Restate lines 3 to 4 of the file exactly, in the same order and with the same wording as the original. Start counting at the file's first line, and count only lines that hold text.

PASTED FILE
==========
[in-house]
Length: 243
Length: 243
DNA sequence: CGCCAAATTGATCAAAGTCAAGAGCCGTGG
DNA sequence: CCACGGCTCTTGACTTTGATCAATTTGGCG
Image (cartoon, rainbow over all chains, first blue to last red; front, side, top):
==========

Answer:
Length: 243
DNA sequence: CGCCAAATTGATCAAAGTCAAGAGCCGTGG